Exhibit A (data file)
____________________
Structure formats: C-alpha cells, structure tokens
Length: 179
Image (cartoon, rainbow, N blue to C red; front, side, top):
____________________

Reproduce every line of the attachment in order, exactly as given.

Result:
Structure formats: C-alpha cells, structure tokens
Length: 179
Image (cartoon, rainbow, N blue to C red; front, side, top):